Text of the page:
Over the last decade, Afrobeat has blossomed from a continental staple into a global sound, with artists such as Nicki Minaj, Beyonce and even Ed Sheeran incorporating the genre into their music and cosign the culture. The genre reached a new peak with Burna Boy’s concert at New York’s Madison Square Garden on Thursday, which certified him as the first Nigerian artist to headline a concert at the legendary arena.
The show opened with a small welcoming speech by legendary rapper Busta Rhymes, who thanked the crowd — which was overwhelmingly West African — for their rich culture and warm embrace when he visited Nigeria. He spoke of Burna Boy’s connection to New York and why the show was more than just a standard concert, but rather an indicator of a new era in music.
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With elaborate lighting and an array of dancers, Burna Boy was joined by his band The Outsiders, along with longtime collaborator, Senegalese singer, Youssou N’Dour. They performed “Level Up”, from the 2020 album “Twice as Tall,” as the African drums resounded into every corner of the arena.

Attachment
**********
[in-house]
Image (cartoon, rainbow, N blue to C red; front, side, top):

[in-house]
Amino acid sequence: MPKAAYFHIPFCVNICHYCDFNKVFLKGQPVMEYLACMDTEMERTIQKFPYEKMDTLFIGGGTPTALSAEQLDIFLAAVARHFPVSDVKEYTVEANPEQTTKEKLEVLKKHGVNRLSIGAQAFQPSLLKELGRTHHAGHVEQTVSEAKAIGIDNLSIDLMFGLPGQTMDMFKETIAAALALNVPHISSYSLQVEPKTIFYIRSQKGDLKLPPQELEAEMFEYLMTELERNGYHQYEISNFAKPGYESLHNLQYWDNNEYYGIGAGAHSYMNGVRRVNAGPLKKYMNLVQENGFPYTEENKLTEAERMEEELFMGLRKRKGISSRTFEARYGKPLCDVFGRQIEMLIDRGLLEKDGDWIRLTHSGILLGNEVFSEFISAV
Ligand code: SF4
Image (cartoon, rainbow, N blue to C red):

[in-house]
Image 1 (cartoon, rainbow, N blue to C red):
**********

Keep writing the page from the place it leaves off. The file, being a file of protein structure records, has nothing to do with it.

The crowd got wilder as Burna went deeper into the set, shouting the lyrics and even throwing several bras at him onstage — which he did not discourage, asking for more after the first landed onstage.
Later in the show Burna Boy, born Damini Ogulu, announced his forthcoming sixth studio album “Love, Damini,” due on his birthday, July 2, to screams from the audience. He then transitioned into a new song from the album, which samples Toni Braxton’s “He Wasn’t Man Enough for Me.”
As his 2019 smash “On the Low” began, many fans left their seats and began dancing in the aisles. At various points throughout night, small mosh pits bubbled in general admission, showing a polite balance of carefree emotion and respect for others’ personal space.
While Nigeria is renowned for its influential musicians and cultural leaders, it has also faced decades of inequality and police brutality. That was highlighted as Burna performed “Collateral Damage,” which speaks of the economic and social struggles many Nigerians face. The song had a resurgence during the 2020 #EndSARS movement, which aimed to disband a controversial police unit targeting young Nigerians and immigrants. As he sang “My people suffer, well well/ Police dey slap here, well well/ Hungry dey wire dem, well well,” images of police abuse were projected behind him.
That statement made, the concert returned to a celebratory vibe, as Burna ripped his shirt off and smashed a guitar before sprinting around the stage. After a brief pause, the lights dimmed and he began his signature hit and final song of the night, “Ye,” from his breakthrough album “Outside.” As the song wound down, Burna thanked the audience for staying with him through the years, and promised much more to come.
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